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Email Etiquette for Business Correspondence

Business email correspondence.

Your emails say a lot about you and your business…

As an entrepreneur in the digital era, you will be sending out plenty of emails to clients, customers, potential customers, vendors, business associates, etc. As a professional, you need to communicate in a professional manner. Many or most of the recipients of your emails will not have met you face to face. Your emails and communications are the way they evaluate you.

So, it goes without saying that your business emails need to create a good impression – that you are a credible business enterprise and someone worthy of doing business with.

We give you some pointers on email etiquette that will go a long way in instilling confidence in you and your business.

Be professional in all email communication.

Be professional: The language you use needs to tick off all the right boxes in terms of professionalism. Don’t use slang or greet a stranger with a ‘heyya’ or ‘hola’. And don’t send jokes, chain mails and forwards to business associates who you do not have a personal relationship with.

Always have a clear subject line: Without that, there are chances that people may not even open your email. Keep it short and to the point, and remember, no typos!

Address the recipient courteously: It’s always better to avoid using first names unless the recipient asks you to do so. Otherwise prefix a ‘Mr’, ‘Mrs’ or ‘Ms’ or ‘Dr’ if the need arises. You could start with Dear, ‘Hello’ or ‘Good morning/afternoon’. A ‘Hi’ is avoidable unless you know the recipient well and have established a relationship with him or her.

Don't write in full caps.

Do not write in all caps: This is considered the equivalent of shouting in the digital realm. Write your email in upper/lower case.

Format the email: This is especially so if you are writing a long email. Do break it up into paragraphs with heading if necessary. Try and break the monotony with bullet points to draw attention to important topics that you wish to highlight.

Avoid emojis and short forms: Emojis are fine when you are exchanging mails with your pals or in your family group but in a business email? No! And abbreviations like ‘b4’ and 2morrow’ can be restricted to your WhatsApp chats with friends and family!

Email correspondence is of utmost importance.

Always start with a new email for a fresh topic: It’s so easy to open an old email and continue your correspondence from there. Not only is it messy but it will confuse the recipient and could end up being trashed.

Mind your grammar: Many people think of emails as text messages and don’t bother to type full sentences. However, in a business email, even if you are replying to a query, do type full sentences that are grammatically correct.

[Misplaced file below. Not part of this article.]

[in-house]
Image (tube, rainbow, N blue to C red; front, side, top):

Avoid typos: An error-ridden email gives the impression that you are not professional or even signals incompetence. Do check your mail for any typos.

Be concise.

Keep your signature files in mind: It makes business sense to have a signature at the end of your mail with your name, company details, website etc. However, do keep it short – a max of three to six lines. Your email signature is a great way to let people know more about you and your product/service and company.

Respond promptly: Professional ethics demand that you reply as soon as possible to a business email. It’s all about customer service and optics. When you take your own sweet time to respond you come across as unprofessional, uncaring or unorganized. And, you are giving your competitors a potential foothold into poaching your customers! If you don’t have an immediate answer or solution for a query, email the person and inform them that you are on the job and will respond as soon as you have an answer.

Be careful with exclamation marks: We tend to go overboard with exclamation marks. More so if you are plugging benefits of your product or service. However, too many exclamation marks can end up making you appear unprofessional or childish.

Emailing for business.

Be concise: There will be times you need to send long emails. However, in most cases a short mail will do. Stay to the point of the subject. Lindsey Pollack, email etiquette consultant says, “The long e-mail is a thing of the past. Write concisely, with lots of white space, so as to not overwhelm the recipient. Make sure when you look at what you’re sending it doesn’t look like a burden to read – feel free to use bullet points. The person reading your e-mail should not have to dig through several paragraphs in order to figure out what you’re asking. You should state the purpose of the e-mail within the first two sentences. Be clear, and be up front.”

Your email is a reflection of you and your business. If it’s professional, interesting and error-free, it creates a positive impression about you and your enterprise. If it’s punctuated with errors, is disorganized and all over the place, you will come across as disorganized and sloppy, and the recipient may wonder how credible you are. In the digital era, people’s opinions are shaped on your digital interactions and those perceptions are critical to how well your business does. Email etiquette is a key component of how you are viewed in the digital space.